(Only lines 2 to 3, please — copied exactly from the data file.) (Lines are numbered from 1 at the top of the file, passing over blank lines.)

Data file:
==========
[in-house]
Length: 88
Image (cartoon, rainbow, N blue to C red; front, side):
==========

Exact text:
Length: 88
Image (cartoon, rainbow, N blue to C red; front, side):